Martin Luther King Jr. Day challenges each of us to confront the racial and economic inequality of our time. Geography, income, and race stubbornly and persistently shape opportunities for too many Massachusetts families. The census tract in which a child grows up should not predict whether that child goes to medical school or to prison.
Government must commit to addressing these challenges. I’ll be an Attorney General who will fight to ensure access to opportunity and to dismantle the root causes of economic injustice and inequality.
Black and Latino children are far more likely to grow up in neighborhoods with extraordinarily high rates of poverty, and attend schools with fewer resources, poorer student performance and lower graduation rates. Children in communities of color are also more likely to experience higher rates of diseases like asthma, diabetes and hypertension.
A recent Northeastern University study noted significant racial disparities in commuting times within Boston. Public transportation is often unavailable to our lowest-paid night shift workers.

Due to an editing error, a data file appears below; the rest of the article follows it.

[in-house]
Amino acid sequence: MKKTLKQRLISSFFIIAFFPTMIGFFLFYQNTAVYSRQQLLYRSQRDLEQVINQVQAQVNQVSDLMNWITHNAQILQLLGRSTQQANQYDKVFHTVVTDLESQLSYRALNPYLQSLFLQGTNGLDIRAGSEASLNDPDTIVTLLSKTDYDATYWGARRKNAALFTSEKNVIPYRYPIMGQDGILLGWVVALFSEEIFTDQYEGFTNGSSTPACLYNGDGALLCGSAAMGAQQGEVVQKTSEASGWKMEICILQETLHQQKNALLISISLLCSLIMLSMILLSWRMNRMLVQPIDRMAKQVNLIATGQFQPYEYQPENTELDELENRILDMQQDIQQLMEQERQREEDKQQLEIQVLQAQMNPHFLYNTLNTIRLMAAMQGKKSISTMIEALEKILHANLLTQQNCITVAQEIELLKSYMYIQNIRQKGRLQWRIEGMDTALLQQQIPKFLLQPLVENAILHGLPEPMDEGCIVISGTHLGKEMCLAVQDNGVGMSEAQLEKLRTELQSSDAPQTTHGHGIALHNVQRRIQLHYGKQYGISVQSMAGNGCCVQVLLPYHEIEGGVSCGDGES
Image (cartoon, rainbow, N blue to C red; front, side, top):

When a workplace is inaccessible, so is a job. We need a public transportation policy that creates opportunities for employment, not furthers barriers.
Because low-income borrowers, many black and Hispanic, were more likely to receive sub-prime and high-cost loans, the impact of the lending crisis and subsequent foreclosures has been particularly hard felt in the state’s poorest neighborhoods. We have cleared out some of the bad actors making those loans, but more work remains to ensure healthy communities. We need a housing policy that stabilizes neighborhoods, and supports families by stopping unnecessary foreclosures and investing in low-income communities. We need an Attorney General fighting every day to uphold and enforce laws that protect our neighborhoods.